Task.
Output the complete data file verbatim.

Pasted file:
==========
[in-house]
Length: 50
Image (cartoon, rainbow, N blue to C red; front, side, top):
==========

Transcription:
[in-house]
Length: 50
Image (cartoon, rainbow, N blue to C red; front, side, top):